•  Web takedown forms should remind users about the core elements of a copyright infringement allegation.  Specifically, the submission process should require each user to certify that (i) he/she is or represents the copyright owner; (ii) the use of the work has not been authorized by the copyright owner; and (iii) he/she has considered whether the use of the work is protected by the fair use doctrine or otherwise authorized by law, and has a good faith belief that it is not authorized. These reminders should be in plain English, so that the average Internet user can understand and properly heed these reminders.
  • Web takedown forms should include an explicit warning that sending a false or misleading takedown notice may result in liability.
  •  Web takedown web forms should provide links to plain English definitions of key legal terms found on the form, including “fair use.”
  •  Web forms should prompt senders to check that the information they have provided (e.g., contact information) is accurate.

2.   Transparency. The notice-handling systems of web platforms should be structured to promote prompt and complete notice to the person who posted the content identified in each notice.

  • Where possible, the notice handling system should be designed to automatically notify the poster with the full contents of the takedown notice – either at the time the notice is received, or at the time the platform acts on the notice by taking down the content.
  •  Notice to the poster should include clear information about the poster’s right to submit a counternotice and the mechanism for doing so. 
  •  Notice to the poster should clearly identify each of the specific copyrighted work(s) claimed to have been infringed, so users can fully consider how to respond, including whether to submit a counternotice. 

3.   Information. One benefit of standardization should be facilitating the operation of takedown notice databases, so we can all learn how to make the process better.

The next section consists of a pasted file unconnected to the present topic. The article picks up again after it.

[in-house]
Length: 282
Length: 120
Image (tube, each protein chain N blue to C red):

• Standardization of the structure of data contained in takedown notices should make it easier for third parties to create public databases with takedown notice information.  Standards discussions should consider APIs that would make it simple for such databases to import data supplied by content platforms.
  • Content platforms should consider sending takedown notice data to third party databases on an automated basis, as part of the notice handling process.

4.   Level playing field for lawful users. Standardization discussions should aim to make counternotice more efficient as well.

  •  Wherever applicable, standardization approaches aimed at streamlining notice submission or notice processing systems should be extended to counternotice submission and counternotice processing as well.  For example, the development of an easy-to-use web takedown form should be paired with an equally easy-to-use web counternotice form.
  • Content platforms should consider automating the process of re-posting content for which they have received counternotices, so that re-posting becomes the default response to counternotices.

5.  Avoid collateral damage to lawful speech. In addition to these affirmative steps, discussion of any standardized procedure should expressly consider and seek to ameliorate potential risks to lawful speech.